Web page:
This Is The End is still an armageddon movie and does a terrific job at it. The film budget of $25,000,000 is a lot for a comedy but must have all gone to special effects. The various creatures and demons that chase these guys around are straight up terrifying.

The movie takes on a Ghostbusters vibe with funny moments during legitimate scares. It’s a better scary movie than the entire franchise that goes by that name, and a lot funnier.

The horror scenes actually get pretty disturbing and could have been a bit shorter. For a movie filled with dick jokes, the creepy stuff just lingers too long.

Danny McBride also became unlikable and wasted by the end of the movie. For a guy known for playing lovable jerk, Kenny Powers, he just came off as a mean weirdo. You almost want him to die before it’s over.

The actors seem to enjoy making this and a lot of the best dialogue feels ad-libbed. The soundtrack is great, including Craig Robinson singing a song about panties and the return of a 90s pop act that you could never guess. This Is The End proves that as long as you’re having fun, even facing the apocalypse, there’s always something to laugh at.

Rating 8.0/10

 

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Is Man of Steel the New Movie Powerhouse for DC Comics?

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Directors Zack Snyder (300, Watchmen) and Christopher Nolan (Dark Knight Trilogy) both made large contributions to the success of comic book films. Now, tasked with a reboot of Superman, the potential for a Justice League film and a last chance for this character hang on their shoulders. Man of Steel boldly sets itself apart from previous Superman adaptations while paving a way for future DC Comics’ films.

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Is The Hangover 3 the Worst of Them All?

Hangover 3

I’ve never been to Vegas but I can’t picture the city without thinking of The Hangover (2009).

A group of friends retracing steps and misadventures, still holds up as one of the funniest comedies in recent memory.

The second Hangover (2011) rehashed the first trip, this time in Bangkok, but had laughs and shock value.

The third Hangover ends The Wolfpack’s story, almost without a trace of humor.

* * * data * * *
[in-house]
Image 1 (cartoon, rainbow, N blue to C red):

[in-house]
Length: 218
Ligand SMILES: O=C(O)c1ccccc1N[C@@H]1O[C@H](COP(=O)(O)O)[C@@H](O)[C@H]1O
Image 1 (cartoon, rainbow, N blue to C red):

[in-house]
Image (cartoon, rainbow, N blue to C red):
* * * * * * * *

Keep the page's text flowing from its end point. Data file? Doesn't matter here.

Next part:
The first Hangover cost only $35 million to make and brought in nearly $280 million, becoming the highest grossing R-rated comedy at the time.

Of course, Warner Bros wanted to make money, so the second Hangover followed.

Hangover 3 tries so hard to NOT duplicate the “we got drunk and lost a friend the night before a big wedding” formula, it’s an entirely different, humorless movie.

The focus this time splits between Alan (Zach Galifianakis), who has gone off his medication after losing his father (Jeffrey Tambor) and Mr. Chow (Ken Jeong).

Chow has been laying low, communicating only with Alan, via email. A drug dealer named Marshall (John Goodman)wants Chow’s head for stealing millions of dollars from him.

Marshall tasks The Wolfpack with finding Chow and holds their friend, Doug (Justin Bartha) as collateral.

Even though it’s the second time in 3 movies that Doug isn’t there for most of the adventures, he isn’t missing a thing.

Maybe the complaints of the first two movies being mirror images of each other inspired a definite change in this one. It’s so different, it’s lost the heart of what made The Wolfpack enjoyable.

Most of the movie feels too serious to be fun and the attempts at jokes come off as awful.

Alan’s drive home with a giraffe in a convertible, meets a gruesome, predictable and awful end.

I’m struggling to remember a truly funny moment, where the first two films had several.

Sadly, the funniest moment in the entire film comes during the credits. It was one moment that reminded us of how ridiculous the original movie was and why we loved it so much. If only the rest of this movie had more of that.

Zach Galifianakis’ character gets the most chances at comedic moments.

His trademark weirdness is worth a few chuckles, but even his character’s arc takes a dramatic turn. Stu (Ed Helms) and Phil (Bradley Cooper) take a backseat to Alan and Chow’s story.

The writers had nothing for these guys to do this time around.

The unexpected success of the first film created a studio demand for a trilogy. Instead of an ending to a story, we get another cash grab.

Hangover 3 attempts an Ocean’s Eleven meets Big Lebowski approach, but lacks the heart or humor of either.

What happened in Vegas the first time (and even in Thailand the second time) made for great comedy.

What happened on the third trip should never be talked about.

Hangover 3 feels like a real hangover. It’s a painful experience that you want to forget and promise yourself will never happen again.

Rating 4.5/10